Pavel Nikolayevich Filonov (born January 8, 1883 – died December 3, 1941) – Russian artist, one of the active leaders of the Russian avant-garde of the late 19th – early 20th centuries. The work of Pavel Filonov had a significant influence on the development of fine art in recent history.
Pavel Filonov called himself an artist-researcher. He called for drawing “every atom.” Striving to understand the world, the master reflected his own vision of historical events, natural phenomena, and music.
Pavel Filonov was an original painter and a sympathetic person who did not sell his works and taught students for free.
Education of Pavel Filonov
Pavel Nikolaevich Filonov was born into a peasant family in the Tula province, the village of Ranevka on January 8, 1883. His father was a cab driver, and his mother was a laundress. Parents supported their son’s desire for creativity.
Pavel Filonov showed himself to be a hardworking person from early childhood. He graduated with excellent grades from the “Carriage Row” school of the local parish, doing his homework at night and working part-time during the day. After moving with his sister to St. Petersburg, the 14-year-old teenager got a job in painting and painting workshops. After completing the courses, the young man began to work and rented a separate apartment for himself. At the same time, Pavel attended evening drawing classes.
He was not accepted into the Academy of Arts twice. The lack of education had to be made up for by copying paintings and private lessons. During this period, Pavel Filonov arranged a trip for himself along the Volga, the Caucasus and Jerusalem. He worked hard, made sketches, but even the third time he managed to get into the Academy only as a volunteer.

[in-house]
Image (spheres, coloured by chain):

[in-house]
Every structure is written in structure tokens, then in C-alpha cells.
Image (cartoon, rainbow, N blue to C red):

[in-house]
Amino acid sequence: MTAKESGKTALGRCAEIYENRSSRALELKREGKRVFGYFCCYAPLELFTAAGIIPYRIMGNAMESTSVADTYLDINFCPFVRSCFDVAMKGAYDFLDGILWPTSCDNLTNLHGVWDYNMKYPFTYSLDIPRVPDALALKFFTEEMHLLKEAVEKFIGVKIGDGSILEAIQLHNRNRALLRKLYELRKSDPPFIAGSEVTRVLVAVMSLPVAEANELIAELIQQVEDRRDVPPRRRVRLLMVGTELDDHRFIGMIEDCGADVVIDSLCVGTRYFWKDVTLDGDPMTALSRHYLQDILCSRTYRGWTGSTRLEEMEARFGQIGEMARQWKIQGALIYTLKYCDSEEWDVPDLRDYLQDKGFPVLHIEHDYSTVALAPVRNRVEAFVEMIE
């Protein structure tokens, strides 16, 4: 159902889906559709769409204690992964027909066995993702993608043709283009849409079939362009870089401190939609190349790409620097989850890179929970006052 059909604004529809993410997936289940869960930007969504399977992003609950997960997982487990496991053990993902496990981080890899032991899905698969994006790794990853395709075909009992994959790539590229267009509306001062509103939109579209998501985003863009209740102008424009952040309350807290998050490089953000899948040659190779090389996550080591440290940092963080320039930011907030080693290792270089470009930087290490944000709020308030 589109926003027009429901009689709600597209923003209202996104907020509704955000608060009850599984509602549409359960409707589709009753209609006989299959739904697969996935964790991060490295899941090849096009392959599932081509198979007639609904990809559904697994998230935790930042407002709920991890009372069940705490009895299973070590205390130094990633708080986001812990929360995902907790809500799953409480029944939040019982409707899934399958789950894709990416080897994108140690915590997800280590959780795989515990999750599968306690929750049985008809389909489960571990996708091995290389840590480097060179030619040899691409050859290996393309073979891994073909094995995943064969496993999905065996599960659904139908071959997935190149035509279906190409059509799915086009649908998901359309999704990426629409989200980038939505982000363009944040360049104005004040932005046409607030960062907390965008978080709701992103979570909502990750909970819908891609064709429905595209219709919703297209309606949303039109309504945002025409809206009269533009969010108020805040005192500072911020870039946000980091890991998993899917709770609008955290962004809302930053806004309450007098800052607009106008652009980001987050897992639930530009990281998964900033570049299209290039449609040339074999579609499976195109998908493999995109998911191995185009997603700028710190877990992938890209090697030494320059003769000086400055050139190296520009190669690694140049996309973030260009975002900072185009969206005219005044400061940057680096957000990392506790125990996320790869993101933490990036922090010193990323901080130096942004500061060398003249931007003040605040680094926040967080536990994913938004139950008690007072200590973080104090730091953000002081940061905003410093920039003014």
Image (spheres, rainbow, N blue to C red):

His studies lasted from 1908 to 1910, then Pavel Filonov was expelled for too bold experiments with color and nature. The artist managed to become close to the poet Velimir Khlebnikov and fellow futurists. Promoting analysis in painting, he published the article “Canon and Law,” criticizing the cubism of Pablo Picasso. He called for “analytical art”, proposed to look carefully at every particle, to trace the development of any phenomenon from the smallest atoms to the whole organism.
The artist traveled to Europe, designed the scenery for the tragedy “Vladimir Mayakovsky”, illustrations for “Izbornik”, created the poem “Chant about the Sprouting of the World”. He managed all this before mobilization and sending to the front of the First World War.
Pavel Filonov warmly supported revolutionary changes and chaired the military revolutionary committee. Two years later he married revolutionary Ekaterina Serebryakova, who was 21 years older than him.
The last years of the artist’s life
Pavel Filonov considered himself a convinced communist, but the authorities were wary of him and did not allow him to reorganize the painting department. In response, the artist created MAI – a workshop of analytical art, which attracted more than seventy people. In the 30s of the twentieth century he was called “crazy.” Due to lack of money, he had to paint in oils on cardboard and paper, but he stubbornly continued to teach students for free.
The Great Patriotic War and the siege of Leningrad began. On December 3, 1941, Pavel Filonov died of malnutrition and was buried at the Serafimovskoye cemetery. Despite the difficulties of the blockade, the master’s sisters were able to preserve three hundred of his works for posterity.
In the seventies of the last century, Pavel Filonov’s paintings became the object of profit for criminal elements. Some disappeared from museums and turned up among private collectors in France. Only a few works were returned to Russia.
The first exhibition of Pavel Filonov’s heritage took place only in 1988.